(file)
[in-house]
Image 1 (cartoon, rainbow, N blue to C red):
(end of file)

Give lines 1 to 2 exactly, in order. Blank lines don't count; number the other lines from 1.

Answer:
[in-house]
Image 1 (cartoon, rainbow, N blue to C red):